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Lifesaving COVID-19 treatment leads to reunion with a patient and her care team

Lifesaving COVID-19 treatment leads to reunion with a patient and her care team
At the height of the pandemic, many patients required care in the intensive care unit (ICU). For the patients undergoing treatment and for their care givers, this was a physically and emotionally taxing time.

During this time, Victoria Famuyide, DO, MBA, a physician with pulmonary critical care, was responsible for keeping patients and families informed on their care options. They could choose between comfort care and treatment in the ICU, but there were many risks involved with ICU care.

“It was the reality of how things are and that was a very tough talk to have with patients and their families,” said Dr. Famuyide. “I had six deaths in one week. I had to tell myself I was a good doctor because it was taking such a toll on my mental health.”

In June of 2021, Jaci West was diagnosed with COVID-19. “I thought I had the flu,” said West. It didn’t feel like COVID because I didn’t have symptoms like everyone else. I wasn’t having respiratory issues.” As a respiratory therapist herself, West felt confident her issues were not COVID. But after another respiratory therapist assessed her condition, the illness progressed. Her oxygen kept dropping and she was intubated in the ICU where she suffered a heart attack and blood clotting. “I don’t remember it,” said West. “I woke up two weeks later.”

After her time in the ICU, she was admitted to Riverside inpatient rehab for one week. She then participated in outpatient physical and occupational therapy at Carle Hoopeston at Charlotte Ann Russell for four months, helping West with exercises and treatment. “While I’m not back to 100 percent, I’m not afraid for my life anymore,” said West.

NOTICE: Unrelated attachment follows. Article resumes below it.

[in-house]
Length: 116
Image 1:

The experience was eye opening and left a lasting impact on how West served her own patients. When West eventually went back to work, she did so on oxygen. And after her experiences in the Carle ICU she knew she wanted to be part of a care team that offered that level of individualized and compassionate care. She joined the Carle Health team in 2022. “I needed to be up and moving to keep up my endurance,” said West. “I wanted to work with the people who saved my life.”

At Carle, West is able to relate to her patients because she knows where they are coming from. “I can relate to them because I’ve been there,” said West. “I push my COVID patients because I know if you push yourself you can reach your goals.”

During Pulmonary Rehab Week in March, Dr. Famuyide took her pulmonary team, including West, out to dinner to celebrate their work during the pandemic. “We were short staffed, and everyone had to cover locations throughout the system while managing new policies and safety precautions, so this was a way to thank the team for their work,” said Dr. Famuyide.

At this dinner, the conversation turned to COVID-19, and West was identified as someone who had received care, and Dr. Famuyide began asking who West is and where she was cared for.

“I was so happy to see her,” said Dr. Famuyide. “When patients leave our care or are transferred, we don’t always know what happens to them.”

Dr. Famuyide feels that West’s story is a source of hope. “I took her picture and sent it to the ICU staff who were in the thick of it with COVID, and explained what happened,” said Dr. Famuyide. “The ICU nurses were so happy. It was an emotional night.”

“I feel lucky to work for the organization,” said West. “I couldn’t ask for a better place to be.”

“Even though I didn’t directly oversee her care, I was still so happy,” said Dr. Famuyide. “Her recovery is nothing short of a miracle.”

For more information on COVID-19 resources, visit

Categories: Culture of Quality

Tags: careers, COVID-19, culture, Respiratory, reunion, therapy